The cause seems hopeless to me, as exemplified above. You are not interested in any physics that might contradict something that you "invented" and thus have pride of ownership in. If you would like to see how the threads always go, then you should try arguing against the Crackpot Doppler Theory, and I will play devil's advocate and support it, no matter what valid objections you raise.

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I can't remember what your position is on negative ageing (with the CMIF simultaneity method). In the standard twin paradox scenario, I think you DO believe that the distant person (she) ages instantaneously when the traveler (he) instantaneously reverses course. But if instead he instantaneously increases his speed away from her, do you believe he'll say that she instantaneously gets younger? Since you are a committed CMIF believer, I would think you would answer "yes" to that question, but I seem to recall that you don't believe that negative ageing occurs. Can you set me straight on where you stand on that question?

Because of my argument that two back-to-back instantaneous velocity changes (with no time elapsing between them), the first one from +v to -v (where + means "away from her", and - means "toward her"), followed by the second one from -v to +v, must be equivalent to no velocity change at all, it follows that if an instantaneous age increase can occur, an instantaneous age decrease must also be able to occur. That's why my "proof" (IF it's correct) is potentially important: if sudden negative ageing doesn't occur, then sudden positive ageing can't either, which would mean that CMIF can't be true.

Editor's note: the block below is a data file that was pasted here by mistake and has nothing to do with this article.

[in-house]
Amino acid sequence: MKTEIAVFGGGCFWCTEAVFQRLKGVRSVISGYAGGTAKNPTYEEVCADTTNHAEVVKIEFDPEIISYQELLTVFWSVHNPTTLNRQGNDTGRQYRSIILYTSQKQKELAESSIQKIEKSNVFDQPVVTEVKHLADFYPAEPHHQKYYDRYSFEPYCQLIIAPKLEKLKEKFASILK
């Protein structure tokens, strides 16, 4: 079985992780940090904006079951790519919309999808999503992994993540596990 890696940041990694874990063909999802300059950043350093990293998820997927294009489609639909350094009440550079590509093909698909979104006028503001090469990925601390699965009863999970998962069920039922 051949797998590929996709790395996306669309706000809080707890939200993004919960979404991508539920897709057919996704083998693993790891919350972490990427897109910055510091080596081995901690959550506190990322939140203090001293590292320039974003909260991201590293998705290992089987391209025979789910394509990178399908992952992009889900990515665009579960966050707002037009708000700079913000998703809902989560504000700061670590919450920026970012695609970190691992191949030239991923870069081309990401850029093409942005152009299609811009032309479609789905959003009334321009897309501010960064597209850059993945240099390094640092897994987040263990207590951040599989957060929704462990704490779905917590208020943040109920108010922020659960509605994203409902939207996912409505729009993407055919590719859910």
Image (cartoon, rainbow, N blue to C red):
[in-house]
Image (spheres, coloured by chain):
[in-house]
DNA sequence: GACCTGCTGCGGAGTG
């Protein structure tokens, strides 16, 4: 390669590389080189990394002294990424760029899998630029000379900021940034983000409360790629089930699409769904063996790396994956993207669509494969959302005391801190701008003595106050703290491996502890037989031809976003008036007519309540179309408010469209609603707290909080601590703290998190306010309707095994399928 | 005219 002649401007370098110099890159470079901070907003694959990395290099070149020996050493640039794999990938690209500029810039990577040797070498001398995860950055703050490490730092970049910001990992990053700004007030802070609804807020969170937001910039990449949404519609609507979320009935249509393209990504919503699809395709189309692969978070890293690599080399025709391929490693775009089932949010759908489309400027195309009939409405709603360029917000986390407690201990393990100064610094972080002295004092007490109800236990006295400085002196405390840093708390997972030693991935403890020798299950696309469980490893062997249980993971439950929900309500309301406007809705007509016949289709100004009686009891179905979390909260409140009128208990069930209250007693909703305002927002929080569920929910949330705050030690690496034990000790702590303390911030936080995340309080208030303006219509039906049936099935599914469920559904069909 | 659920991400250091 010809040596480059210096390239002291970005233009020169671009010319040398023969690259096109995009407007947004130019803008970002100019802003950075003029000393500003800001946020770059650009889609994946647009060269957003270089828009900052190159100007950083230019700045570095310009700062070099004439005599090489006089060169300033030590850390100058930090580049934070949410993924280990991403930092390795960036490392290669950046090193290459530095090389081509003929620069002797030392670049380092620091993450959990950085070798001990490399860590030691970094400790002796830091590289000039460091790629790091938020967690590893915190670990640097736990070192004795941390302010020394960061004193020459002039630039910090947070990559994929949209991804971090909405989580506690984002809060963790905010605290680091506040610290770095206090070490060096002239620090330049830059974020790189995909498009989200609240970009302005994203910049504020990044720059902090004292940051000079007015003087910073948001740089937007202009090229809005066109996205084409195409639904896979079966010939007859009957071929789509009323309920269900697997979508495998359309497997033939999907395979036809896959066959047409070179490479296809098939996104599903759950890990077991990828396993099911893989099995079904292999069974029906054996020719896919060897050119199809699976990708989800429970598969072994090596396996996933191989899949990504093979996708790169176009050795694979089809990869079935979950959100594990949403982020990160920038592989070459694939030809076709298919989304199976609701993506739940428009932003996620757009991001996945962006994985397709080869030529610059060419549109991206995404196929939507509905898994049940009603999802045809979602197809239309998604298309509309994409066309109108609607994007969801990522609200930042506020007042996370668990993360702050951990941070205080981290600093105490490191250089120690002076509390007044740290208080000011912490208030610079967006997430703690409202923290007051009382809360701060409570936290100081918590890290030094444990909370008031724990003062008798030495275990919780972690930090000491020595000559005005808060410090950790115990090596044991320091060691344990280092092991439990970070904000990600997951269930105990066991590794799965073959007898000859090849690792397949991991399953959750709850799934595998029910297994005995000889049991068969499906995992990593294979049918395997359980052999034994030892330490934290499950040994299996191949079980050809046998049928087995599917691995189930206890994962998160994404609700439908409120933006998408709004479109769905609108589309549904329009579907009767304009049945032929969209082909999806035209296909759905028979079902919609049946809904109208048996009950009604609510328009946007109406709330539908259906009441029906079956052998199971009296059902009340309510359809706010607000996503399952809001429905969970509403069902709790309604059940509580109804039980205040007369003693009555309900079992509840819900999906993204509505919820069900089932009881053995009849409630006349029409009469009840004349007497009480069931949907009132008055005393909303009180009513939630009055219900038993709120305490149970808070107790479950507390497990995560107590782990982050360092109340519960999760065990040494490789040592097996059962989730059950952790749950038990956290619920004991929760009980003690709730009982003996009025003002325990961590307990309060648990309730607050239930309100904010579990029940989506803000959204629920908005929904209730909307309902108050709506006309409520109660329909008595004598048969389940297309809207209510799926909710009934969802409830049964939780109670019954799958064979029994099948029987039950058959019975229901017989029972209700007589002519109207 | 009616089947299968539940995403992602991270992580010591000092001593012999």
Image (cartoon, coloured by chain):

Do you see a flaw in my proof? I haven't been able to spot one yet. There certainly could be an error in there somewhere, and if so, I want to know that.

I don't really "have a dog in this race" (between CMIF and my new method). I like the simplicity of CMIF, and I have no problem with negative ageing. What bothers me is to not KNOW what the correct simultaneity-at-a-distance for an accelerating observer IS. I'm convinced that there IS a correct simultaneity-at-a-distance for an accelerating observer, and I want to know what it is.

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I like the simplicity of CMIF, and I have no problem with negative ageing. What bothers me is to not KNOW what the correct simultaneity-at-a-distance for an accelerating observer IS. I'm convinced that there IS a correct simultaneity-at-a-distance for an accelerating observer, and I want to know what it is.

That is a bit of a cop-out, because you are not only questioning the correct simultaneity-at-a-distance for an accelerating observer, you are questioning the correct simultaneity-at-a-distance for an inertial observer who has accelerated in the past. Please consider that you are deliberately ignoring the possibility that the concept of simultaneity in SR might depend solely on the reference frame, and not on any particular observer's acceleration history.

Your concept is absurd. You are willing to accept that all of the perpetually inertial observers in the home-frame know for a fact that she is 40 years old at the time when the clocks in their home-grid display 40. But then for the case of the traveler being 20 years old and jumping off his spaceship and landing stationary next to a home-grid clock that displays 40, you suddenly can't figure out how old he should say she is? You want to throw in the possibility that she could be both 10 (for him) and 40 (for everyone else) at the same time, with all of them stationary with respect to each other? That would mean the "famous time dilation equation" that she uses to calculate their respective ages at the end would have to be updated so that it leads to multiple ambiguous answers -- she is 40, he is 20, and she is also 10 ?!?!? Come on, you think that might be valid SR, and it was just not clarified enough in all these years?